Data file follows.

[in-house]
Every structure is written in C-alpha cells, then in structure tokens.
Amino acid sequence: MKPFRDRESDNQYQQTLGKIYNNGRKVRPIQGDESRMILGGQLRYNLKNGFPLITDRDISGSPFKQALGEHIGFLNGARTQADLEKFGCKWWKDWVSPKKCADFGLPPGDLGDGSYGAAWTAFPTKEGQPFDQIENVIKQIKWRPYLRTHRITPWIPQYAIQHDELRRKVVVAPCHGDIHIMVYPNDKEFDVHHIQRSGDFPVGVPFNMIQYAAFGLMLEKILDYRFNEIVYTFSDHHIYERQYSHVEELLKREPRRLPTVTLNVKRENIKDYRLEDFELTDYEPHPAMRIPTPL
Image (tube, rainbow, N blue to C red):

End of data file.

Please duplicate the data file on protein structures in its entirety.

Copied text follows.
[in-house]
Every structure is written in C-alpha cells, then in structure tokens.
Amino acid sequence: MKPFRDRESDNQYQQTLGKIYNNGRKVRPIQGDESRMILGGQLRYNLKNGFPLITDRDISGSPFKQALGEHIGFLNGARTQADLEKFGCKWWKDWVSPKKCADFGLPPGDLGDGSYGAAWTAFPTKEGQPFDQIENVIKQIKWRPYLRTHRITPWIPQYAIQHDELRRKVVVAPCHGDIHIMVYPNDKEFDVHHIQRSGDFPVGVPFNMIQYAAFGLMLEKILDYRFNEIVYTFSDHHIYERQYSHVEELLKREPRRLPTVTLNVKRENIKDYRLEDFELTDYEPHPAMRIPTPL
Image (tube, rainbow, N blue to C red):